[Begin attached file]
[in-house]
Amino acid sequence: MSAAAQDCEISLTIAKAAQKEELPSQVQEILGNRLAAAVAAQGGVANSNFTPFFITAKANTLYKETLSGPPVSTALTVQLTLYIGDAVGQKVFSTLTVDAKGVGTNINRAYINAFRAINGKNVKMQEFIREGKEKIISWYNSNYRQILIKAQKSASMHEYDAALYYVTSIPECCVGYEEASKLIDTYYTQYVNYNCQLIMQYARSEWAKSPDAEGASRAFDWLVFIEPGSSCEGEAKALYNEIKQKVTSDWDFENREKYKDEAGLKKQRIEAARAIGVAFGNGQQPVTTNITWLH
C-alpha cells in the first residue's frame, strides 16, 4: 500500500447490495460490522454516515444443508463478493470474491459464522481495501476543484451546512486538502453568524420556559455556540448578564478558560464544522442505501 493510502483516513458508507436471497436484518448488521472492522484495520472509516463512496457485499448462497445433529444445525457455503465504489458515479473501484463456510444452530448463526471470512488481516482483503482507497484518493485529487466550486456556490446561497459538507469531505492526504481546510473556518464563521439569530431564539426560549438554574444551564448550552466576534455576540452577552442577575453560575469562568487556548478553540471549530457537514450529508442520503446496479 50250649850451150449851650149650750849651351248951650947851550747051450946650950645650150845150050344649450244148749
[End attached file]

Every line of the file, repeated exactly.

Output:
[in-house]
Amino acid sequence: MSAAAQDCEISLTIAKAAQKEELPSQVQEILGNRLAAAVAAQGGVANSNFTPFFITAKANTLYKETLSGPPVSTALTVQLTLYIGDAVGQKVFSTLTVDAKGVGTNINRAYINAFRAINGKNVKMQEFIREGKEKIISWYNSNYRQILIKAQKSASMHEYDAALYYVTSIPECCVGYEEASKLIDTYYTQYVNYNCQLIMQYARSEWAKSPDAEGASRAFDWLVFIEPGSSCEGEAKALYNEIKQKVTSDWDFENREKYKDEAGLKKQRIEAARAIGVAFGNGQQPVTTNITWLH
C-alpha cells in the first residue's frame, strides 16, 4: 500500500447490495460490522454516515444443508463478493470474491459464522481495501476543484451546512486538502453568524420556559455556540448578564478558560464544522442505501 493510502483516513458508507436471497436484518448488521472492522484495520472509516463512496457485499448462497445433529444445525457455503465504489458515479473501484463456510444452530448463526471470512488481516482483503482507497484518493485529487466550486456556490446561497459538507469531505492526504481546510473556518464563521439569530431564539426560549438554574444551564448550552466576534455576540452577552442577575453560575469562568487556548478553540471549530457537514450529508442520503446496479 50250649850451150449851650149650750849651351248951650947851550747051450946650950645650150845150050344649450244148749